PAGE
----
To achieve the greatest benefit for multiple outcomes farmers should be able to develop tree management plans which include marginal land, boggy patches, field boundaries, hedgerows, and hard to reach corners – trees could be planted in lines, clumps, spinneys and woodland areas – they could integrate with farmland animals or be on set aside land.  Tree planting should also integrate with farm and landscape type.  The integration of trees with livestock farming is increasingly common in sustainable systems.  For example, many free range hen ranges already host trees, with ideal tree densities of 20% of the total land area.  

We believe this policy would leave an extremely positive, lasting and visible legacy.  It could be funded directly by government, and in partnership with food businesses and food producers.  We believe it could win the support of farmers, citizens and politicians across Britain.


  1. We could, by year 30, sequester agriculture’s total methane emissions, forever – providing that methane emissions are not allowed to exceed their current annual total.  

Monday, 21 May 2018

Proposal for farm animal welfare iceberg measures

Government has expressed a keen interest in the use of farm animal welfare ‘iceberg’ measures.  For example, discussion has focussed on the possibility of pig producers earning a premium for bringing their pigs to slaughter with intact unbitten tails.  To be eligible for the premium pig producers would also need to be members of RSPCA Assured, to ensure that a broader range of metrics are being collected and that good standards are being achieved.

This approach is attractive because it utilises a trusted welfare assurance partner to set general standards, and uses a single slaughter metric as the basis for additional payment.  This makes welfare payments extremely easy to administer. 

For other species single measures indicating very high levels of welfare are generally unavailable.  Instead it will necessary to focus on two or three metrics, which when achieved together indicate excellent health and welfare.  Some of these will be able to be collected at the abattoir, but other measures must be collected on the farm.

These are our recommendations, which could be implemented alongside improved legislative standards.

Finisher pigs
Slaughter metric
Headage basis for payment
Producer must be RSPCA Assured or Soil Association Organic
Outcome measure: Intact unbitten tail at point of slaughter 
Rewarding all achievers
Will require excellent system management to achieve better health and welfare

On-farm metric
Whole flock basis for payment
Producer must be RSPCA Assured or Soil Association Organic
Outcome measure: Low levels of pododermatitis
Target should be set, which will requires standardised national metric and collection method.
Will require excellent flock and system management to achieve better health and welfare

Laying hens
On-farm metric
Whole flock basis for payment
Producer must be RSPCA Assured or Soil Association Organic
Outcome measures: Low mortality and good feather cover score 
Target should be set, which will requires standardised national metric and collection method.
Will require excellent flock and system management to achieve better health and welfare

Dairy cows
On-farm metric
Whole herd basis for payment
Producer must be RSPCA Assured or Soil Association Organic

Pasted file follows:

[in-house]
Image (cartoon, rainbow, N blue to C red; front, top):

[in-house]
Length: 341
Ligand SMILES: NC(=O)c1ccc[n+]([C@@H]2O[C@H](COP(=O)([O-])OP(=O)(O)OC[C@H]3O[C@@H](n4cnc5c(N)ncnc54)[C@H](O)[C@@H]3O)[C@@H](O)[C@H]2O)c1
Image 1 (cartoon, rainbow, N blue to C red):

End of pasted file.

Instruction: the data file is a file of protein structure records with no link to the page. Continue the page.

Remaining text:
Outcome measures: Low levels of lameness and low levels of mastitis and low levels of anti-microbial use 
Target should be set, which will requires standardised national metric and collection method.
Will require excellent herd and system management to achieve better health and welfare

Slaughter metric
Headage basis for payment
Producer must be RSPCA Assured or organic certified by Soil Association or Organic Farmers & Growers
Outcome measures: High levels of cleanliness (and no clipping) and low levels of lumps, lesions and swellings 
Target should be set, which will requires standardised national metric and collection method.
Will require excellent herd and system management to achieve better health and welfare

On-farm metric
Whole flock basis for payment
Producer must be RSPCA Assured or organic certified by Soil Association or Organic Farmers & Growers
Outcome measure: Low levels of lameness and low levels of helminths and low levels of anti-microbial use 
Target should be set, which will requires standardised national metric and collection method.
Will require excellent land and flock management to achieve better health and welfare


Wednesday, 9 May 2018

Ambition for the future – Bold proposals for agricultural land use and food production in a Green Brexit

  • Our seven big and bold policy proposals appear further down this page
  • To read the full document - please click here

The United Kingdom’s departure from the European Union presents an opportunity to establish a new policy framework for agricultural land use and food production.  Government should aim to empower farmers to deliver future-proof agricultural systems that will be replicated around the world in decades to come: quality food, honestly priced, produced while enhancing our dividend to nature; ensuring a legacy worth inheriting for the next generations of Britain’s farmers.

Sustainability must provide the foundation stone of change – not only because we are the custodians of creation, but because good business demands that we take action to protect our primary assets.  Individually and together we have a duty to nurture our natural capital, so that our land performs well, and our relationship with nature becomes stronger.  Our capacity to grow good food forever should be enhanced with each generation that passes on every family farm.